Qualitative and Quantitative Research
Ideally we want a mix of both qualitative and quantitative data methods so you can provide facts and figures – numbers (quantitative) and the explanations behind the statistics (qualitative). Different primary research methods will provide either qualitative or quantitative results, and some will provide both. Questionnaires with closed questions or rating scales will provide quantitative results – how many people said yes, or on a scale of 1-5, what proportion of people selected 1, 2 etc. These are quantitative answers. If questionnaires have an open question (please explain why you gave the answer you did) then that is allowing for a more detailed, richer answer which we would classify as qualitative as it adds quality to the statistics we have. Interviews, for example, would usually provide qualitative answers as we are able to ask for more information, making an interview much richer.
Secondary research should also contain both quantitative and qualitative information.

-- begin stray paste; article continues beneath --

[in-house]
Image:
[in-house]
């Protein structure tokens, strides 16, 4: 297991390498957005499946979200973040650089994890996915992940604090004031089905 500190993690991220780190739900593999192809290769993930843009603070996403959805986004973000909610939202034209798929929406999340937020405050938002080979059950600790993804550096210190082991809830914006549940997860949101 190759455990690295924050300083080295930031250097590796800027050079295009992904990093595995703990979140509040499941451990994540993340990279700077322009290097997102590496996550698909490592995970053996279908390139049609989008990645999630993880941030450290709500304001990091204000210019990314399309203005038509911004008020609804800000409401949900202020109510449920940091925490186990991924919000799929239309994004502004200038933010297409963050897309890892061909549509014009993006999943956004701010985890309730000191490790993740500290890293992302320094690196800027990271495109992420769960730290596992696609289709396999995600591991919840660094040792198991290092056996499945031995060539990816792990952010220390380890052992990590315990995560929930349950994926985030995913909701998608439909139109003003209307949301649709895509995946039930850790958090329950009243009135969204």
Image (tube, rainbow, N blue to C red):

You can read more about the difference between qualitative and quantitative research in this post.
This is the final stage of your research. Triangulation means that you’re gathering the information from more than one source. Usually this would be to check that the results are duplicated, but it also allows you to find more information. For example, you might send out questionnaires to all staff in your organisation, but conduct follow up interviews to ask questions that have arisen from the analysis of the questionnaires. Alternatively, the same questions could be sent to two (or more) different groups of people to confirm understanding. For example, asking employees and their managers about the role of the manager – do the employees and the managers have the same ideas, or is there some conflict there. Triangulation allows you to identify where disagreements, discrepancies or conflicts may be present. Triangulation allows you to test your research and to improve its validity.
Once you’ve decided on your research methods, ensuring a range of qualitative and quantitative methods and applying some triangulation, you also need to think about how many people should be involved in your research.
This is the number of people in the group you are studying. If its your workplace, this could be all the staff, or if you’re only looking at one area, one site or department then the population would be everyone in that department. It could equally be a group of employees – professional staff, administrative staff etc. You need to identify who is going to be represented by your research and that is your population – this is not the same as the people who are going to participate.